By the time I finished outlining, I had to set the paper aside until the following day. My daughters were coming out of their school, and I had to go pick up my son next. Once I took everyone home and fed them some sort of dinner I would have to run back to my school for an evening class.
The next day I started working on it fairly early. I planned to flesh out the outline into paragraphs by adding details to each item, with special attention paid to the introduction and conclusion. I would complete this during the day in order to not be stressing about finishing the paper late at night. But first, I needed to start some laundry.
The key to a successful procrastination is the “but first.” There is always something just slightly more pressing than the task at hand which can keep you putting it off indefinitely or at least until the last possible moment. In my case, I had a lot laundry to fold, so I started a television show on Hulu that I would watch while folding. Once I finished the folding, I was so engrossed in the show that I didn’t work on my paper at all. By the time the show ended I needed to switch the laundry, which led to more folding and more tv. It was a vicious cycle, which also included a lunch break, a couple of incoming phone calls from family members, and stopping to help my son push his dead car into the driveway. I had my document open the entire time and fully intended to work on it shortly, but the afternoon flew by until it was time to pick up the kids from school.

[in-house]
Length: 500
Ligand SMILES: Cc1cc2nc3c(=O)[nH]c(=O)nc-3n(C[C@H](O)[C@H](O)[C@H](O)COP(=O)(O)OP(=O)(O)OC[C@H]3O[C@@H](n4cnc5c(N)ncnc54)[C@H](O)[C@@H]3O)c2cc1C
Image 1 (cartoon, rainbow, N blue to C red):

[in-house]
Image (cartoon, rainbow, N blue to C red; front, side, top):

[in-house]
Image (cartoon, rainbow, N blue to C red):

After picking up the kids, running errands, and making dinner, I was finally ready to get back to work on my paper. I began to write but had several distractions including a surprise visit from a friend, a bowl of ice cream, and more tv shows, though the latter was brought on by the husband this time around. I thought about leaving, but I was too tired and not entirely sure that would actually help. I turned on some soothing classical music, put in my earbuds, and doggedly wrote until I was up to nearly four pages.
At that point I knew I could push through and finish that night, or I could get a good night’s sleep and take the risk that I wouldn’t quite finish in the morning. I chose sleep, which definitely would not have been the priority in my younger years.
The final step in procrastination is waiting until the last possible moment to finish the paper. Nothing is more exciting than not knowing if you are going to have time to shower or if you must suffer the smelly consequences. Then there is the small matter of getting four children out of bed and pushing them to be ready on time so all five of you can get to your respective schools before 8:00 a.m. Eating and grooming are for the predictable and boring mere mortals who get things done with a cushion of time left before the deadline!
Procrastination is not for the faint of heart, but with a lot of practice you can polish your technique and be nearly as professional at it as I am. You only must believe that you have that special hidden talent.
Process Analysis essay for my composition class.